The Head Boy of Francis Douglas Memorial College in New Plymouth, Polaiu'amea Kirifi has been declared runner-up in a national public speaking competition for New Zealand schools, aimed at promoting racial harmony.
The annual Race Unity Speech Awards were initiated by the nation's Baha'i community in 2001 and have been sponsored by the New Zealand Police over recent years with strong support from the Human Rights Commission.
150 students entered the competition this year and they were all asked to focus their speech on the central theme- "Stand Up for Race Unity- Don't Be a Bystander!"
The speechmakers were asked to focus on what they could do to inspire others to stand together for race unity in New Zealand.
In his speech, Francis Douglas Memorial College student Polaiu'amea Kirifi drew upon his Samoan heritage, comparing the bringing together of different cultures with constructing a 'fale' or house.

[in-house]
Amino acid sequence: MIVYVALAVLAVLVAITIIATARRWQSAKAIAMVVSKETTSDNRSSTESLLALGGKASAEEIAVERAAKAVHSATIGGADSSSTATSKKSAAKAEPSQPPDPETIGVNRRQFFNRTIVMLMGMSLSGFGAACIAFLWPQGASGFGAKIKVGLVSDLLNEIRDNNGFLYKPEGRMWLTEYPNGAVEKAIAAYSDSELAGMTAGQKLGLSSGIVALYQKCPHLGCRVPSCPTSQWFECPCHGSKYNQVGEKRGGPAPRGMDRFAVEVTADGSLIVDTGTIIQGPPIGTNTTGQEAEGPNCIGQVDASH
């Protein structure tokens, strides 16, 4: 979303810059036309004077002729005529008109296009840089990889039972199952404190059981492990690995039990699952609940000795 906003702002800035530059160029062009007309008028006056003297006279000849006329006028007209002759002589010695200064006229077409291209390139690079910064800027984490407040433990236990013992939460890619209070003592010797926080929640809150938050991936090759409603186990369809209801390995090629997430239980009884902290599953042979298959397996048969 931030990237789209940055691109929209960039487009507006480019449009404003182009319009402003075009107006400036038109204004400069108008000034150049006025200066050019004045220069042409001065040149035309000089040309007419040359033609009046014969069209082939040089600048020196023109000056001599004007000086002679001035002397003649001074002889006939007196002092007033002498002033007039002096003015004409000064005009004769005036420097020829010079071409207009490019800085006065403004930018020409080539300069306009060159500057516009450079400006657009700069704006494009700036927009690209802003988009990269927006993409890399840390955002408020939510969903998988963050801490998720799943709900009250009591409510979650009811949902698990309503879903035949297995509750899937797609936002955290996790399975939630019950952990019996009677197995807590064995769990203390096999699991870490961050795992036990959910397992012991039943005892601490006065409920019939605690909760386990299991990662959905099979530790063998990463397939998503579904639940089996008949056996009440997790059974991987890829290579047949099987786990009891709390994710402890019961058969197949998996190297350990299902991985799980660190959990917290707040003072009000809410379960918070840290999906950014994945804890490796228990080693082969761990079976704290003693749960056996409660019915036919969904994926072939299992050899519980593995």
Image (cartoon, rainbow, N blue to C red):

"See the true strength that holds the whole fale together?", Polaiu'amea asked those gathered for the competition final in Auckland.
"That's the afa- the plaited coconut fibres, that when woven tightly can hold something as large as a fale", he added.
"In my lifetime, I would like to see an' afa being woven tightly around our differences, holding us together with love, forgiveness and belief, in unity".
In recognition of his outstanding achievement as runner-up in the competition, Polaiu'amea was presented with a personal and school award by the Race Discrimination Commissioner, Dame Susan Devoy.
Francis Douglas Memorial College students also joined in a boisterous haka to mark the achievement.
Representatives from the New Zealand Police, including Area Commander Keith Burrell were also at the presentation ceremony at the school, alongside Jill and Mervyn Chivers from the Baha'i community.